[85] Id. at 14.

[86] See Amended Petition for Writ of Habeas Corpus at 6, 9, Jones v. Norris, No. 5:00-cv-401 (E.D. Ark. Sept. 14, 2005).

[87] See Response to Amended Petition for Writ of Habeas Corpus at 6, Jones v. Norris, No. 5:00-cv-401 (E.D. Ark. Oct. 4, 2005).

[88] See Declaration, supra note 82, at 13.

[89] Id. at 12.

[90] Id.

[91] Id. at 11-12.

[92] Id.

[93] Id.

[94] Id. at 17.

[95] Id.

[96] See Supplemental Response to Motion for Leave to File Second Amended Petition at 4, Jones v. Norris, No. 5:00-cv-401 (E.D. Ark. Feb. 14, 2006).

[97] See Amended Petition, supra note 86, at 7; see also Detailed License Verification for Michael Wade Bridges, Arkansas State Medical Board, copy on file with the Fair Punishment Project.

[98] Detailed License Verification for Michael Wade Bridges, supra note 97.

[99] See Amended Petition, supra note 86, at 7.

[100] See Arkansas Schedules Unprecedented Eight Executions in Ten-Day Period, supra note 2.

[101] See Davis v. State, 314 Ark. 257 (1993).

[102] Davis v. Norris, 423 F.3d 868, 878 n.5 (8th Cir. 2005).

[103] Id.

[104]See What is Intellectual Disability?, Am. Psych. Assoc., https://www.psychiatry.org/patients-families/intellectual-disability/what-is-intellectual-disability (last visited March 28, 2017).

[105] Davis, 423 F.3d at 873.

[106] Id.. at 870.

[107] E. Rose, et. al, Neuropsychological Characteristics of Adults With Comorbid ADHD and Borderline/Mild Intellectual Disability, 30 Res. In Intellectual Disability 496 (2002).

[108] See Davis, 423 F.3d at 875.

[109] Id. at 880 (Bye, J., concurring in part and dissenting in part).

[110] Id. at 874.

[111] Id. at 873.

[112] Id.

[113] See Arkansas Schedules Unprecedented Eight Executions in Ten-Day Period, supra note 2.

[114] Simpson v. Pulaski Cty. Cir. Ct., 899 S.W.2d 50, 50 (Ark. 1995).

[115] Petition for Writ of Habeas Corpus at 45, Lee v. Norris, No. 5-01-cv-00377 (E.D. Ark. Nov. 2, 2001).

[116] Id. at 42.

[117] See Simpson, 899 S.W.2d at 52.

[118] See Lee v. Hobbs, No. 5:01-cv-00377, 2013 WL 3149755, at *20 n.4 (E.D. Ark. June 18, 2013).

[119] Exhibit 5, Petitioner’s brief in 2nd Rule 37, at 6 (filed Dec. 5, 2008), of Response to Petition for Writ of Habeas Corpus by Larry Norris, Lee v. Hobbs, No. 5:01-cv-00377 (E.D. Ark. Oct. 28, 2011); Lee v. State, 308 S.W.3d 596, 606 (Ark. 2009).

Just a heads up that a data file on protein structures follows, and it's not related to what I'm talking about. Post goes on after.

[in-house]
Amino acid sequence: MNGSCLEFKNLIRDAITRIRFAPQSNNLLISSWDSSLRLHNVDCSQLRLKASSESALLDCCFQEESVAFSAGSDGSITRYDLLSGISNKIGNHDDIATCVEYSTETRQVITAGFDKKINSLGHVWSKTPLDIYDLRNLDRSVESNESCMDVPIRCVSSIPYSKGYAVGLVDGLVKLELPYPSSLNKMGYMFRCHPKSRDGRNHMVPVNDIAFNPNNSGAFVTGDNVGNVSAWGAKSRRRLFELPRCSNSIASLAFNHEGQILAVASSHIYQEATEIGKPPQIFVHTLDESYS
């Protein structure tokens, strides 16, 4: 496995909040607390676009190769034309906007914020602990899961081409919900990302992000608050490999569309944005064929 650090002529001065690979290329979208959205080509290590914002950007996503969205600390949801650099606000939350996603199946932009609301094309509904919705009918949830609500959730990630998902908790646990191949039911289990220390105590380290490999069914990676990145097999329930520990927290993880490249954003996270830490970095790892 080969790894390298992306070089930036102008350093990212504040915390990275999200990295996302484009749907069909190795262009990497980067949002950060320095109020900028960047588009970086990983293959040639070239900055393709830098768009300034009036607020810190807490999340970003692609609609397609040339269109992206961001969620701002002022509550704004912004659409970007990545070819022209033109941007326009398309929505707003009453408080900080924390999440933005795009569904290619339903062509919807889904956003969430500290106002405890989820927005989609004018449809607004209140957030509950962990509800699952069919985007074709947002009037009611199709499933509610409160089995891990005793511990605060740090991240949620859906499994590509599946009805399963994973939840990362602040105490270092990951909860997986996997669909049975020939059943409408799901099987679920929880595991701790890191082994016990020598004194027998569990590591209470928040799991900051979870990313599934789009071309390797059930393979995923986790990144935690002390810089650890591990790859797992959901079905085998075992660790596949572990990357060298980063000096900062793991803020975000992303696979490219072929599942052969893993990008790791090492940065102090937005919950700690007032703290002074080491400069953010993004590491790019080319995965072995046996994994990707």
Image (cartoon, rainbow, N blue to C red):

[120] Lee v. State, 238 S.W.3d 52, 54 (2006).

[121] Id. at 56-57.

[122] Id. at 57-58.

[123] See Exhibit 11, Affidavit of Didi Sallings (filed Jan. 29, 2009), Petitioner’s Traverse, Lee v. State, 291 S.W.3d 188, No. CR-2008-160 (Jan. 26, 2012).

[124] See Lee v. State, 289 S.W.3d 61 (Ark. 2008); Lee v. State, 291 S.W.3d 188 (Ark. 2009).

[125] See Lee, 291 S.W.3d at 190. After the Court rejected the second brief, one attorney withdrew from the case, stating he had essentially had nothing to do with any of the legal briefing – he had not even seen the filings because his partner agreed to take on all responsibilities in the case. See Exhibit 11, Motion to Be Relieved as Attorney of Record (filed Jan. 29, 2009), Petitioner’s Traverse, Lee v. State, No. CR-2008-160 (Jan. 26, 2012).

[126] See Petitioner’s Traverse, No. 5:01cv00377 (E.D. Ark. Jan. 26, 2012); see also Habeas Petition 2001, supra note 115, at 37.

[127] See Amended and Substituted Motion to Amend Habeas Corpus Petition, Lee v. Norris, No. 5:01-cv-00377 (E.D. Ark. June 18, 2003).

[128] See Response to Motion to Amend Habeas Corpus Petition, Lee v. Norris, No. 5:01-cv-00377 (E.D. Ark. July 8, 2003).

[129] See Objection to the Appointment of the Federal Public Defender for the Eastern District of Arkansas, Lee v. Hobbs, No. 5:01-cv-00377 (E.D. Ark. May 24, 2016).

[130] See Motion to Withdraw, Lee v. Hobbs, No. 5:01-cv-00377 (E.D. Ark. June 8, 2016); see also Lee v. Norris, 354 F.ed 846 (8th Cir. 2004) (listing Sallings as arguing the case).

[131] See Lee v. Norris, 354 F.3d 846, 846 (8th Cir. 2004).

[132] Motion to Withdraw, supra note 130.

[133] See Report and Recommendation on Petition for Voluntary Surrender of License, No. SC95767 (Mo. June 23, 2016).

[134] In re Brotherton, No. SC95767 (Mo. July 8, 2016), https://www.courts.mo.gov/page.jsp?id=103853 (last viewed March 29, 2017).

[135] See Arkansas Schedules Unprecedented Eight Executions in Ten-Day Period, supra note 2.

[136] Johnson v. State, 27 S.W.3d 405, 417 (Ark. 2000) (Brown, J., dissenting).

[137] Id.

[138] Id.

[139] Id.

[140] See Arkansas Schedules Unprecedented Eight Executions in Ten-Day Period, supra note 2.

[141] Roper v. Simmons, 543 U.S. 551, 568 (2005).